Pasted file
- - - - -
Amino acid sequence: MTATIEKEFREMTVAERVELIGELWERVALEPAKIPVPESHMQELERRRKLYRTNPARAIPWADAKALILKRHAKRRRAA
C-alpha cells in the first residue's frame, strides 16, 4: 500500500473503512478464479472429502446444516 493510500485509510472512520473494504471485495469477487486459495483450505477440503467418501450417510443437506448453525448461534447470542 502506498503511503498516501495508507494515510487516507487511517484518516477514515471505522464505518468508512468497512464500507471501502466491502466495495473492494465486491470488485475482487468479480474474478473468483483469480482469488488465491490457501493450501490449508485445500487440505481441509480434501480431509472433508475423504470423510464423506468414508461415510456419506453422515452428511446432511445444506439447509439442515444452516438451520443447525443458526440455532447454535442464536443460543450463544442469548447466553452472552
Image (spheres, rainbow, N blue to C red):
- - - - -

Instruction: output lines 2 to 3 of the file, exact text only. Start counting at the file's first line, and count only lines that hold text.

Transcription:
C-alpha cells in the first residue's frame, strides 16, 4: 500500500473503512478464479472429502446444516 493510500485509510472512520473494504471485495469477487486459495483450505477440503467418501450417510443437506448453525448461534447470542 502506498503511503498516501495508507494515510487516507487511517484518516477514515471505522464505518468508512468497512464500507471501502466491502466495495473492494465486491470488485475482487468479480474474478473468483483469480482469488488465491490457501493450501490449508485445500487440505481441509480434501480431509472433508475423504470423510464423506468414508461415510456419506453422515452428511446432511445444506439447509439442515444452516438451520443447525443458526440455532447454535442464536443460543450463544442469548447466553452472552
Image (spheres, rainbow, N blue to C red):